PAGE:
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Wildfire, fire management and air quality news for western Montana and the Northern Rockies.

COVID-19 Precautions For Firefighters Worked Well, State Official Says

People evacuating from Bridger Canyon, Sept. 5, 2020. The Bridger Foothills Fire threatened homes and forced evacuations near the fire, which started near the 'M trail' just northeast of Bozeman, MT.
People evacuating from Bridger Canyon, Sept. 5, 2020. The Bridger Foothills Fire threatened homes and forced evacuations near the fire, which started near the 'M trail' just northeast of Bozeman, MT.

State fire officials say last weekend’s record-shattering winter storm put a decisive end to Montana’s 2020 wildfire season. It will be remembered for many reasons, not the least of which is that it was the first one to take place during a global pandemic.

Mike DeGrosky describes Montana’s 2020 fire season as an oddball.

"It was strange in that it was abnormally dry in opposite corners of the state. It was a very windy year and we had a lot of critical fire danger."

DeGrosky is Fire Protection Bureau Chief for the Montana Department of Natural Resources and Conservation.

"As we wind it down and do the accounting it looks like we’re coming in a little above average for number of fires and a little above average for number of acres burned."

Specifically, he says almost 2,300 fires burned roughly 403,000 acres this season across the state. 

Almost 80 percent of those wildfires were human-caused. DeGrosky says lightning was, relatively speaking, light this summer but human caused fires are still a big issue for the state. According to DNRC, about 60 percent of Montana’s wildfires are typically started by people.

The state’s tab to date on Montana’s share of firefighting costs?

"We’re sitting right now, after reimbursements from the federal government, right at about $12.9 million. The good news is, while we had a lot of fires and more acreage [burned] than normal, the cost is actually a little below average."

DeGrosky ticks off a list of variables he says could explain this year’s lower-than-average fire bill. Those include pre-positioning resources in places where scientists expected trouble, and fine-tuning county co-op agreements that resulted in local firefighters getting to newly reported incidents substantially faster.

These and other factors contributed to a concerted effort to prevent small fires from turning into major incidents. In firefighting parlance it’s called ‘initial attack’. 

"Often you hear people refer to ‘dog-piling’ fires. That was definitely the theme this year, and I think we did exceptionally well," DeGrosky says.

He says it’s too soon to know how COVID mitigation affected DNRC’s fire fighting costs this year. DeGrosky suspects this year’s enhanced initial attack efforts increased suppression costs, but adds they had no choice but to "empty the barn" to snuff out as many fires as early as possible.

For every Bridger Foothills, Birdseye, or Snider/Rice fire there were dozens that never made it past an initial smoke report or a quarter acre’s growth. COVID-19 gave fire managers a powerful motivation to be extra-vigilant.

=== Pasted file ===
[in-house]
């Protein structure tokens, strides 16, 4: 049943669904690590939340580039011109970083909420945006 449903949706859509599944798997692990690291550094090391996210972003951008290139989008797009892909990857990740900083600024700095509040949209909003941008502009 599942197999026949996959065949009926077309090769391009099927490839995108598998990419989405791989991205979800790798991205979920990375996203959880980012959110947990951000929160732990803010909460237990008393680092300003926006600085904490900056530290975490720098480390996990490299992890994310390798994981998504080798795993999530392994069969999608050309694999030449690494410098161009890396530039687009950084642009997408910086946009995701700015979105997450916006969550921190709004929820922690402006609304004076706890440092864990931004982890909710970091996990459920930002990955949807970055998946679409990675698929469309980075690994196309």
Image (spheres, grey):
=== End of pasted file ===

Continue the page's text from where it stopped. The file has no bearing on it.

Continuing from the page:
"That’s where we originally started talking about it this spring. Our motivation was, ‘how do we avoid bringing 500 firefighters together in fire camp.'”

The short answer? Hygiene, masks, distancing and dispersal. There were several fires requiring a few hundred firefighters to gather. But they were organized into smaller-than-normal units, dispersed in multiple camps with limited interaction. Boxed meals replaced mass chow lines. Rigorous sanitation and health screening routines were mandatory.

DeGrosky doesn’t yet have DNRC’s final fire season COVID exposure data.

"We did have some COVID exposures on wildland fires. We had some COVID exposures on home units, but I don’t think there’s a person out there who’d disagree with me that it was way, way, lower than we had ever hoped."

He says the biggest incident occurred as fire crews were wrapping up one firefighting effort. Seventy personnel had to be quarantined and tested. That only netted a couple of confirmed exposures and did not impact firefighting operations.

"That was pretty typical of the events that I’m aware of this summer where a person or two got identified, got quickly quarantined, got quickly [demobilized] home. For our agency I’m very pleased with how the precautions and mitigation strategies we had worked out.”

Some strategies worked so well that DeGrosky says they may stick around in post-pandemic fire seasons. For example, incident managers limited the number of experts deployed to fire camps.

"People who did some of the planning work, for example, were set up in a remote unit that was actually serving, sometimes, six to 10 fires. Normally you’d have that unit functioning at each fire camp. That looks like a real keeper."

DeGrosky’s hoping for a COVID-free world, but also understands that may not happen anytime soon. Either way, he says Montana firefighters will be ready for next season

“I know the people that I’ve worked with, both on an interagency basis and within our agency, are very proud of the results we’ve produced. It was a heck of a lot of work and it was a big headache, but I think the results have been excellent. We’re very proud of that."

Edward O’Brien first landed at Montana Public Radio three decades ago as a news intern while attending the UM School of Journalism. He covers a wide range of stories from around the state.  
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